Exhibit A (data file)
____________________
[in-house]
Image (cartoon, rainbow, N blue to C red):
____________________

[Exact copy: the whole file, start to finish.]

[in-house]
Image (cartoon, rainbow, N blue to C red):